“To ward off criticisms of Trump’s bursts of racist rhetoric, Republican leaders reflexively play the Lincoln card,” wrote Blumenthal. “But the party of Trump is the antithesis of the party of Lincoln, the culmination of a long realignment. Beginning in the 1960s, the party embraced a Southern strategy, forsaking the remnants of its Lincolnesque heritage in exchange for the principles of states’ rights and resistance to civil rights for African Americans previously associated with the neo-Confederate Dixiecrat wing of the Democratic Party. As a result, the Republican Party changed its identity and abandoned its original principles, becoming strikingly similar to the very opponents that roused Lincoln to resist in the beginning.”
Lincoln, it should be noted, was far from the patron saint of racial equality we tend to remember him as. But as Blumenthal noted, he faced a uniquely fractured and venomous political landscape — anti-immigrant populism from the Know Nothing Party, an extreme right-wing Supreme Court that ruled slaves were not people, racist ideologues like Stephen Douglas, and major parties collapsing and fragmenting over the slavery issue. He set out to reunify a nation at war — and his doing so laid the groundwork for emancipation and a stronger union.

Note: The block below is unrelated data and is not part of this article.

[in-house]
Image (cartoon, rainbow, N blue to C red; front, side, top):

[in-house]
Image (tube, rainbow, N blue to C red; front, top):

From his beginnings in politics, Blumenthal noted, Lincoln disdained anti-immigrant populism. “How can anyone who abhors the oppression of Negroes, be in favor of degrading classes of white people?” he wrote. “Our progress in degeneracy appears to me to be pretty rapid. As a nation, we began by declaring that ‘all men are created equal.’ We now practically read it ‘all men are created equal, except Negroes.’ When the Know-Nothings get control, it will read ‘all men are created equal, except Negroes, and foreigners, and Catholics.'”
“Under Lincoln, the Republican Party stood for equal rights and opportunity, political democracy and using the force of the federal government to constrict and ultimately destroy the threat posed by the greatest concentrated wealth and power in the country — the Slave Power,” wrote Blumenthal. “And while the Republican Party’s origin story is one of change and compromise over time, Lincoln might be astonished to see the extent of its transformation today.”
“Trump’s party has embraced the ideas Lincoln opposed and fought itself into the coats of the Know Nothings and the Dixiecrats,” concluded Blumenthal. “Lincoln might also rub his eyes in disbelief to discover that sitting in his chair is the likes of Trump, the head of this redefined Republican Party, truly the rival to his principles.”